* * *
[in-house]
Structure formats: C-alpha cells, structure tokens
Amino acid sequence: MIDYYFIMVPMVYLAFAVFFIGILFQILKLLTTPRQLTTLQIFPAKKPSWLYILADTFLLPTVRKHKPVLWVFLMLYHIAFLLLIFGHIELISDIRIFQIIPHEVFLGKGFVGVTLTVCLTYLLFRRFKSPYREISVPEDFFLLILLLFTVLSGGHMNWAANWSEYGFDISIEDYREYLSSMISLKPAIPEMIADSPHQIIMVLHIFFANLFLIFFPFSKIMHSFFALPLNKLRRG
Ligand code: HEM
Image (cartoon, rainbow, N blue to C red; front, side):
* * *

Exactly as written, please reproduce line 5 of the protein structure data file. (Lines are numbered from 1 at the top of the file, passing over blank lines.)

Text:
Image (cartoon, rainbow, N blue to C red; front, side):